The market for personalized medicine in the United States is already $232 billion, and it is projected to grow 11 percent annually, according to a new report published today by PricewaterhouseCoopers LLP, entitled The Science of Personalized Medicine: Translating the Promise into Practice. Personalized medicine, which targets individualized treatment and care based on personal and genetic variation, is creating a booming market, but it is a disruptive innovation that PricewaterhouseCoopers says will create both opportunities and challenges for traditional healthcare and emerging market participants.
PricewaterhouseCoopers projects that the market for a more personalized approach to health and wellness will grow to as much as $452 billion by 2015. Its estimates are based on a broad view of the market opportunity beyond drugs and devices to also include demand for high-tech storage and data-sharing as well as low-tech products and services aimed at consumers' heightened awareness of their own health risks.
According to the report:
- The core diagnostic and therapeutic segment of the market - comprised primarily of pharmaceutical, medical device and diagnostics companies - is estimated at $24 billion and is expected to grow by 10 percent annually, reaching $42 billion by 2015.
- The personalized medical care portion of the market - including telemedicine, health information technology and disease management services offered by traditional health and technology companies - is estimated at $4 billion to $12 billion and could grow tenfold to over $100 billion by 2015 if telemedicine takes off.
- The related nutrition and wellness market - including retail, complementary and alternative medicine offered by consumer products, food and beverage, leisure and retail companies - is estimated at $196 billion and is projected to grow 7 percent annually to over $290 billion by 2015.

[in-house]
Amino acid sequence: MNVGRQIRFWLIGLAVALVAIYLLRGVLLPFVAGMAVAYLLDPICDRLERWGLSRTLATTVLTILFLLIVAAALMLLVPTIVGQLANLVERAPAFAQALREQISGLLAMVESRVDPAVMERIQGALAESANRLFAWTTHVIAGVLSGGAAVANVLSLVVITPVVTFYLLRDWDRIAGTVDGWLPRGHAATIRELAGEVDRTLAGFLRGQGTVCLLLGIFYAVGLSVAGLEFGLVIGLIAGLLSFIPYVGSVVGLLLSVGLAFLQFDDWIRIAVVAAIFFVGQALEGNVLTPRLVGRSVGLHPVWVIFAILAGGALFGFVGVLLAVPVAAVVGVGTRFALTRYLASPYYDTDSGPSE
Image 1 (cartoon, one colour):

The promise of personalized medicine has been predicated upon advances in genomics, proteomics and metabolomics, completion of the human genome map and development of "targeted" diagnostics and therapeutics. Genomic testing enables physicians to identify an individual's susceptibility to disease, predict how a given patient will respond to a particular drug, eliminate unnecessary treatments, reduce the incidence of adverse reactions to drugs, increase the efficacy of treatments and, ultimately, improve health outcomes.
"Medical science and technological advancement have converged with the growing emphasis on health, wellness and prevention sweeping the country to push personalized medicine to a tipping point," said David M. Levy, MD, global healthcare leader, PricewaterhouseCoopers. "We are now seeing a blurring of the lines between traditional healthcare offerings and consumer-oriented wellness products and services. The market potential is enormous for any company that learns to leverage the science, target individuals and develop products and services that promote health."
New Market Participants
Consumer demand for personalized care is creating new opportunities for market participants, for example:
- DTC Diagnostics: The direct-to-consumer (DTC) diagnostic market is growing and controversial. Genetic testing products for in-home use are empowering consumers with real-time information, enabling them to predict their medical risks, detect disease earlier and better manage their health status. Market research analysts estimate the current size of the global market for genetic testing at $730 million, with a 20 percent annual growth rate. Though a relatively small portion of this market, DTC testing is expected to grow rapidly in response to consumer demands and declining prices.